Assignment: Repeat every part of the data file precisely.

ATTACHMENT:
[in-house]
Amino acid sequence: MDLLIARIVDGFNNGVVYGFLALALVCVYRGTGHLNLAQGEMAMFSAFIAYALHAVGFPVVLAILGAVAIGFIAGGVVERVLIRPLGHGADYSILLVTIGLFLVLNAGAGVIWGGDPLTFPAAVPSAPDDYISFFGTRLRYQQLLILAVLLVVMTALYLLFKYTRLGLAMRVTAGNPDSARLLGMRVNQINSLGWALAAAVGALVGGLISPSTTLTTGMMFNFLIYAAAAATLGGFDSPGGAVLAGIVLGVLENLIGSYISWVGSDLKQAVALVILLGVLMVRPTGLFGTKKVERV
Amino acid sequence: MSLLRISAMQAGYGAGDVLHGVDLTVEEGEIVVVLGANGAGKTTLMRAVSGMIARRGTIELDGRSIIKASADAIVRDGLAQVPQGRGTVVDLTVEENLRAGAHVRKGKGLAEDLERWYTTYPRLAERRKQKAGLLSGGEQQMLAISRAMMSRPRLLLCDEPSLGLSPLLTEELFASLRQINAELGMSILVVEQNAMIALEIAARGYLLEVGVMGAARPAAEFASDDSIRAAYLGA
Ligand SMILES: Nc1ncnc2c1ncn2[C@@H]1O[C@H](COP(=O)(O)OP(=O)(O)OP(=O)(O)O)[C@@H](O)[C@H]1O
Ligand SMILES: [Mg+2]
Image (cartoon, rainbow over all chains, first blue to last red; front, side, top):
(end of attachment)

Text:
[in-house]
Amino acid sequence: MDLLIARIVDGFNNGVVYGFLALALVCVYRGTGHLNLAQGEMAMFSAFIAYALHAVGFPVVLAILGAVAIGFIAGGVVERVLIRPLGHGADYSILLVTIGLFLVLNAGAGVIWGGDPLTFPAAVPSAPDDYISFFGTRLRYQQLLILAVLLVVMTALYLLFKYTRLGLAMRVTAGNPDSARLLGMRVNQINSLGWALAAAVGALVGGLISPSTTLTTGMMFNFLIYAAAAATLGGFDSPGGAVLAGIVLGVLENLIGSYISWVGSDLKQAVALVILLGVLMVRPTGLFGTKKVERV
Amino acid sequence: MSLLRISAMQAGYGAGDVLHGVDLTVEEGEIVVVLGANGAGKTTLMRAVSGMIARRGTIELDGRSIIKASADAIVRDGLAQVPQGRGTVVDLTVEENLRAGAHVRKGKGLAEDLERWYTTYPRLAERRKQKAGLLSGGEQQMLAISRAMMSRPRLLLCDEPSLGLSPLLTEELFASLRQINAELGMSILVVEQNAMIALEIAARGYLLEVGVMGAARPAAEFASDDSIRAAYLGA
Ligand SMILES: Nc1ncnc2c1ncn2[C@@H]1O[C@H](COP(=O)(O)OP(=O)(O)OP(=O)(O)O)[C@@H](O)[C@H]1O
Ligand SMILES: [Mg+2]
Image (cartoon, rainbow over all chains, first blue to last red; front, side, top):